A heated debate has erupted between former Nationals Leader Barnaby Joyce and Federal Environment Minister Tanya Plibersek, bringing the proposed medication access plan into the spotlight once again.
The plan aims to grant Australians the opportunity to purchase double the amount of common medicines for the price of a single script, provided their GP approves.
While presented as a cost-saving measure, the plan has come under fire over its implications for various stakeholders.
With estimates suggesting that up to 665 pharmacies may close and 20,000 jobs could be slashed, concerns are mounting over the impact on accessibility, healthcare services in remote areas, and aged care facilities.
Appearing on Sunrise, Plibersek defended the measure, saying it was a “good policy”.
“Don’t forget every single dollar through this policy is being reinvested into pharmacies so pharmacies will be able to do things like give vaccinations, they’ll be able to do outreach into aged care,” she said.
Joyce, who was not convinced by Plibersek’s defence, repeatedly questioned the Environment Minister on the impact the policy would have on regional and remote chemists.
Plibersek argued it would be “better for patients”, while an angry Joyce argued, “it’s not.”
“When we lose frontline services, that is not good for patients. ‘Cos once you lose the chemist from a town who is going to supply the drugs to the aged care facility,” Joyce said.
“Every dollar goes into pharmacies,” Plibersek countered.
“No, it doesn’t Tanya. Read the pharmacy–” Joyce started to say before Plibersek snapped and ordered him to “stop yelling”.
Sunrise host Natalie Barr finally interjects and asked Joyce to “just take a breath” before questioning why he was opposed to the policy.
According to Joyce, if remote chemists shut down regional Australians risk having to travel further for their medication, potentially wiping out any savings they would have made from the price cut.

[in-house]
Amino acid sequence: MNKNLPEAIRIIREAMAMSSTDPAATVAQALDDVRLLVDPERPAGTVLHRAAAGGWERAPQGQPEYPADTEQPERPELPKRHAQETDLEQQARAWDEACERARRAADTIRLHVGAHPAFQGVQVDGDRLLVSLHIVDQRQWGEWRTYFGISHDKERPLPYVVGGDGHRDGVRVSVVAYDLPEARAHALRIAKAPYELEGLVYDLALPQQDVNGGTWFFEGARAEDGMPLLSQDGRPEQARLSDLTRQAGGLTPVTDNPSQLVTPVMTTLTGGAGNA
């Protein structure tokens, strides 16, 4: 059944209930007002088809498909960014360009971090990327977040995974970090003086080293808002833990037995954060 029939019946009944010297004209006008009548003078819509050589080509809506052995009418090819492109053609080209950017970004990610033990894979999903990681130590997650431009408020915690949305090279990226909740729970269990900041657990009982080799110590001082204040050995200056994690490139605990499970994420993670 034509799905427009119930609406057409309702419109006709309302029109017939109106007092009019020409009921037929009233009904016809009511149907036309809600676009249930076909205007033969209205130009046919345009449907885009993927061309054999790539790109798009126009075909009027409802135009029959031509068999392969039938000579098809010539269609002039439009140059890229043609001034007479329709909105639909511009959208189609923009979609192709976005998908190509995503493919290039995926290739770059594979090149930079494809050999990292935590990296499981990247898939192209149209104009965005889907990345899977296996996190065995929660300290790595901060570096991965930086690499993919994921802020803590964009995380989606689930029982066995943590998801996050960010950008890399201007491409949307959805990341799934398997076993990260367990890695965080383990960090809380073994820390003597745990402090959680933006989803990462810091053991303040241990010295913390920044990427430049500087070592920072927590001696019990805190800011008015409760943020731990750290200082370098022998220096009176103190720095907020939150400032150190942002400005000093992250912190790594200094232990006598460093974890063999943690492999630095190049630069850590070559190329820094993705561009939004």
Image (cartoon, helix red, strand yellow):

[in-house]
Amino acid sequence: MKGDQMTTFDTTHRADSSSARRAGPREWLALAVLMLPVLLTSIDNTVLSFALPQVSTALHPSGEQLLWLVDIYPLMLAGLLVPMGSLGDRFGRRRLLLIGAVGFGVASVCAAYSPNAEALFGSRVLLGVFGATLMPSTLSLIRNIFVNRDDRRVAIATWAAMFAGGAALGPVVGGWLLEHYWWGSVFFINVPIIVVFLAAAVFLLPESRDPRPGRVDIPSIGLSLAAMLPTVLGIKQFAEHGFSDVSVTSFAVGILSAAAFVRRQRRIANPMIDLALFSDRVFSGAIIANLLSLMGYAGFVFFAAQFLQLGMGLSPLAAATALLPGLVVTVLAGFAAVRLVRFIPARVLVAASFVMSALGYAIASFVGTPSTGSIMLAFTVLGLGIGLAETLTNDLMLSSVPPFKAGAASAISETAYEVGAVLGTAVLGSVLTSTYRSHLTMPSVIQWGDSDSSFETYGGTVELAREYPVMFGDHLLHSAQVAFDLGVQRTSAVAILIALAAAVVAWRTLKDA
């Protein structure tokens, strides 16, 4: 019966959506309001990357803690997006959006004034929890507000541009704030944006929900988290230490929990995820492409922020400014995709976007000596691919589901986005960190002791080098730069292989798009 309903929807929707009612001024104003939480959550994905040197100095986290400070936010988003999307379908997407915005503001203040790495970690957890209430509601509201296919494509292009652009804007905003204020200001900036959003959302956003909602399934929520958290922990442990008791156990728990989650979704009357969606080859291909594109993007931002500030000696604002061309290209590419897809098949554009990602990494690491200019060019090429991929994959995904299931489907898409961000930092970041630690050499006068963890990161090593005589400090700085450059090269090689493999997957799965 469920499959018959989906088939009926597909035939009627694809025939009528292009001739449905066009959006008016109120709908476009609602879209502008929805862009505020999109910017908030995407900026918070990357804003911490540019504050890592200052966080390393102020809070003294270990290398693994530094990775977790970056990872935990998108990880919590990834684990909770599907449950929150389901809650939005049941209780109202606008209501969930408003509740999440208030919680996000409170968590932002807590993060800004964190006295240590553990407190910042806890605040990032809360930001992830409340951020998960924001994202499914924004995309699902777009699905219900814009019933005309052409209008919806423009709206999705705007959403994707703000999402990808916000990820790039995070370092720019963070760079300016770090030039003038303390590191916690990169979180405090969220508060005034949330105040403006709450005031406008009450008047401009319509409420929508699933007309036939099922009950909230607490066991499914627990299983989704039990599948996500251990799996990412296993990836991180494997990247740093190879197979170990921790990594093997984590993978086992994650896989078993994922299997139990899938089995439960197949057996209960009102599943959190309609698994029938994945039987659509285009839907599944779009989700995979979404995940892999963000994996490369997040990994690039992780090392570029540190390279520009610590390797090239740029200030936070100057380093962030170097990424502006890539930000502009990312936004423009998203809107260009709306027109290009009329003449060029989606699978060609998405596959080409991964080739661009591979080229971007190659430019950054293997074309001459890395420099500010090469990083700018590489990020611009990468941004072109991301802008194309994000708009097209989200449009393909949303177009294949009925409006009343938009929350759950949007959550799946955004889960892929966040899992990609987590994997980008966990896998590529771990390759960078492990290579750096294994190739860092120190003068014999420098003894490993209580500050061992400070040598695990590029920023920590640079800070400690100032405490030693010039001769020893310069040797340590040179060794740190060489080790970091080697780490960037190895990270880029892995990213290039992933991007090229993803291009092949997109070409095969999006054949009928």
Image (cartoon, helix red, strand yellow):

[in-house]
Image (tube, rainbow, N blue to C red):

“The people in regional areas are not rich,” he said.
According to data from the Therapeutic Goods Admninistration’s (TGA) medicine shortage database as of May 23, 2023, more than 495 medicines were facing a supply shortage.
Of those, shortages for 73 medicines were “anticipated” while 422 were “current”.
Joyce isn’t the only one against the pharmacy reform. In April, Pharmacy Guild of Australia President Trent Twomey criticised the proposed plan and expressed frustration over the government’s lack of concern for the impact on small businesses, stating that “they just don’t care”.
“So what [Mark] Butler was saying about ‘we’re reinvesting all the money’, that’s just the savings he’s having,” Twomey said.
“He [Butler] only wants to give back 1.2 [billion] because that’s what the taxpayer’s funding.
“But the pharmacist is wearing the complete rest of the cut, and that’s what’s gonna send these guys to the wall. And he just doesn’t seem to give a s**t.
“I’m a North Queenslander, I don’t mean to swear, but they just don’t care.
“You know, this is supposed to be a government that cares. This is not how one operates.”
Starting on May 1, 2023, over 300 prescription medications will be available at half price in the hopes of making it easier and cheaper for those with chronic conditions who spend a lot on medication.
Medicines for conditions such as heart disease, cholesterol, Crohn’s disease, and hypertension will be included in the new policy, which is expected to deliver budget savings by reducing patients’ visits to the GP to obtain the common medicines they need.
Patients will also be able to buy a two-month supply of subsidised medicines on a single prescription, instead of two separate ones.
Those who receive medications prescribed for 60 days rather than 30 days could save up to $180 a year, with additional savings for other qualifying medications.